Taufik, Epi; Fukuda, Kenji; Senda, Akitsugu; Saito, Tadao; Williams, Cathy; Tilden, Chris; Eisert, Regina; Oftedal, Olav; Urashima, Tadasu
The structures of milk oligosaccharides were characterized for four strepsirrhine primates to examine the extent to which they resemble milk oligosaccharides in other primates. Neutral and acidic oligosaccharides were isolated from milk of the greater galago (Galagidae: Otolemur crassicaudatus), aye-aye (Daubentoniidae: Daubentonia madagascariensis), Coquerel's sifaka (Indriidae: Propithecus coquereli) and mongoose lemur (Lemuridae: Eulemur mongoz), and their chemical structures were characterized by (1)H-NMR spectroscopy. The oligosaccharide patterns observed among strepsirrhines did not appear to correlate to phylogeny, sociality or pattern of infant care. Both type I and type II neutral oligosaccharides were found in the milk of the aye-aye, but type II predominate over type I. Only type II oligosaccharides were identified in other strepsirrhine milks. α3'-GL (isoglobotriose, Gal(α1-3)Gal(β1-4)Glc) was found in the milks of Coquerel's sifaka and mongoose lemur, which is the first report of this oligosaccharide in the milk of any primate species. 2'-FL (Fuc(α1-2)Gal(β1-4)Glc) was found in the milk of an aye-aye with an ill infant. Oligosaccharides containing the Lewis x epitope were found in aye-aye and mongoose lemur milk. Among acidic oligosaccharides, 3'-N-acetylneuraminyllactose (3'-SL-NAc, Neu5Ac(α2-3)Gal(β1-4)Glc) was found in all studied species, whereas 6'-N-acetylneuraminyllactose (6'-SL-NAc, Neu5Ac(α2-6)Gal(β1-4)Glc) was found in all species except greater galago. Greater galago milk also contained 3'-N-glycolylneuraminyllactose (3'-SL-NGc, Neu5Gc(α2-3)Gal(β1-4)Glc). The finding of a variety of neutral and acidic oligosaccharides in the milks of strepsirrhines, as previously reported for haplorhines, suggests that such constituents are ancient rather than derived features, and are as characteristic of primate lactation is the classic disaccharide, lactose.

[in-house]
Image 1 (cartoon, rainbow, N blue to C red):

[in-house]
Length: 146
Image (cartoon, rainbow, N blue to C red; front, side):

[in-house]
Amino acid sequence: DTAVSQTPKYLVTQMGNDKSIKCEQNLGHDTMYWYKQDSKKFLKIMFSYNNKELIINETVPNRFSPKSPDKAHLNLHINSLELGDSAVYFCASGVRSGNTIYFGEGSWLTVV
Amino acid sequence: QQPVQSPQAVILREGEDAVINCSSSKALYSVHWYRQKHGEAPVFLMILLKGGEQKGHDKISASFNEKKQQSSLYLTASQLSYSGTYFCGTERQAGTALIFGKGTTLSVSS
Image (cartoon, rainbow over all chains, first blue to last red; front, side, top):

Rogers, L J; Ward, J P; Stafford, D
Eye-preference has been measured in the small-eared bushbaby, Otolemur garnettii, using two testing conditions, one requiring the subject to look through a grid and the other involving trained looking through a small hole. Monocular eye use was scored for viewing a variety of stimuli. The six subjects (four adult females and two babies) tested using the grid showed left-eye dominance for viewing the tester. Five subjects were tested for viewing food and all were similarly left-eye preferent. That is, there was indication of an eye preference at the group level. The eye preference did not correlate with handedness for food reaching or holding in the same individuals. When three of the subjects were tested viewing the more arousing stimulus of their babies held in the tester's hand, the eye-preference changed; there was either no preference or a weaker left-eye preference. One subject was tested with novel stimuli (a toy monkey, the tester wearing a mask and a rubber snake) and showed a significant shift to a right-eye preference for viewing two of these stimuli. Increased arousal, or fear, was apparent in the latter tests. Comparison is made to eye dominance data for humans.
Maina, J N
The lung of the lesser bushbaby (Galago senegalensis) has been investigated morphologically and morphometrically using the transmission and scanning electron microscopes. Grossly and microscopically, the bushbaby lung was found to be essentially similar to that of the other primates and the mammals in general. Subtle morphometric differences were, however, observed, with the bushbaby lung being generally structurally less sophisticated than that of the other primates on which comparable data are available, except for man. The weight-specific surface area of the blood-gas (tissue) barrier in G. senegalensis was 25 cm2 g-1. The thickness of the blood-gas barrier was 0.355 micron and the weight specific total anatomical pulmonary diffusing capacity 0.045 mlO2 sec-1 mbar1 kg-1. The morphological similarity of the galago lung to that of man gives sufficient grounds to justify its possible use in human pulmonary studies but caution has been called for in the general utilisation of primate tissues without first establishing their morphological characteristics, just because the primates are taken to be evolutionally close to man. The dearth of morphological studies on the various organ systems of the prosimians is pointed out. Images Fig. 7 Fig. 8 Fig. 9 Fig. 10 Fig. 11 Fig. 12 Fig. 5 Fig. 6 Fig. 1 Fig. 2 Fig. 3 Fig. 4 PMID:2272898